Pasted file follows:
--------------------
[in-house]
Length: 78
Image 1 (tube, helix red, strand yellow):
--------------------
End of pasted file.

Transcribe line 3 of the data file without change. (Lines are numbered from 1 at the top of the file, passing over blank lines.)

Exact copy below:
Image 1 (tube, helix red, strand yellow):